My Lords, the Office for Budget Responsibility was established to make independent assessments of the economy and public finances. The terms of reference for the interim OBR describe its independence. They make it clear that the OBR’s assessments are produced with no ministerial involvement and that the OBR has the freedom to publish information at its discretion. Sir Alan Budd will be advising the Chancellor on the arrangements for the permanent OBR, including on issues relating to independence.
I thank the Minister for his Answer. Can he tell us whether it was the sheer incompetence of the Government in not letting the OBR have independence that led Sir Alan Budd to resign, or was it my Question? Is not the real problem the reliability of the OBR’s forecasts? Is the Minister aware that the OBR has itself expressed great uncertainty about its forecasts? In the circumstances, and given the possibility that it could be wrong, as many leading economists have said, is it set in stone that the OBR should continue with its actions even if the economy has actually gone into a downturn even faster than the OBR had forecast?
My Lords, in answer to the first question, I am sorry to pour cold water on a newspaper story, but Sir Alan always planned to leave in the summer. He was appointed to provide forecasts for the emergency Budget and to advise on the establishment of a permanent OBR, which is exactly what he has done and will continue to do. The noble Lord, Lord Barnett, asked, secondly, about what he described as “uncertainty” around the forecast. The whole point about the way in which the OBR has presented its forecast is that it has given a transparent probability distribution. The Treasury has never done that before in its forecasts; it has simply given a line and not explained the variability around it. Forecasts are of course subject to probability distributions and the OBR has followed the best practice for forecasts that the Bank of England and others have used for many years. As to what will happen if the forecasts change, the Chancellor has set a fiscal mandate and it is the responsibility of the OBR following each Budget or other fiscal event to report on whether his latest announcement still sets a course that has a 50 per cent or greater probability of meeting the mandate.
My Lords, does the Minister agree that it is vital for the OBR not just that it is independent but that it is seen to be independent? As the Government bring forward their detailed proposals for the OBR, will they ensure that, for example, it is housed outside the Treasury building and that all appointments to it are publicly advertised?
I thank my noble friend for reminding us that independence is at the core of what the OBR is about and key to its permanent design. The Chancellor will shortly receive the advice of Sir Alan Budd on the setting-up of the OBR and I am sure that Sir Alan will consider the various factors that my noble friend mentioned.
My Lords, did I hear the Minister right when he said, I think, that the fan charts that are to be found in the Budd committee’s report are best practice? In fact, as a matter of technical economics, they are not. Best practice is to publish confidence limits with appropriate probability distributions, which all the independent forecasters do—the Treasury is perfectly aware of that because it publishes their forecasts on the website. Given that the Government wish to save public expenditure, is not the best thing that can possibly happen the abolition of this body before it starts wasting even more money?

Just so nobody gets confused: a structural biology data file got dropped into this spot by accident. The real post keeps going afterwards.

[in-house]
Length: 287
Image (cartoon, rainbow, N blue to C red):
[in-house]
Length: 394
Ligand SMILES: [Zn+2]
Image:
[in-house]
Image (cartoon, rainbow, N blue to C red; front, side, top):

I defer to the noble Lord on what is best practice in economics. All I can say is that, as between Treasury forecasts that were produced in the past, completely untransparently and without distributions or fan charts, and Bank of England and other forecasts that had a degree of variability—I see the noble Lord nodding—I think that we have moved to a vastly better place.
My Lords, the heart of the Question relates to the independence of the OBR. The House should be reminded that the OBR is based in the Treasury; it is staffed by people seconded from the Treasury; press inquiries are handled by the Treasury; Sir Alan Budd’s appointment letter is signed by Mr Dave Ramsden, the head of economic forecasting at the Treasury; and Sir Alan reports to Mr Ramsden, whose work he is meant to be reviewing. Will Sir Alan, when he leaves, be subject to any restrictions on his future employment—in particular, taking the knowledge that he has gained in this post back to his occupation in the hedge fund community?
On an interim basis, the OBR has been housed within the Treasury to save costs and to give it early and easy access to Treasury models. Part of the advice that Sir Alan Budd gives will be about the location and other governance arrangements for the OBR on a full-time basis.
My Lords, if the Treasury was always aware that Sir Alan was going to leave in the summer, why has his replacement not been announced right away? Will the Minister give us the essence of the disagreement that has led to this resignation? Is it not substantially to do with the issue of independence, which my noble friend raised in his Question?
I thank the noble Lord for his questions, but I thought that I had addressed the main point already. There has been no disagreement. Nothing has happened. It has always been the case that Sir Alan Budd planned to leave in the summer and that is exactly what he is going to do. My right honourable friend the Chancellor is enormously grateful for the important work that he has done to get the office up and running. As for appointments, it would have been strange to appoint somebody before Sir Alan Budd had even announced his departure. The appointment process for his successor will take full account of the need for continuity.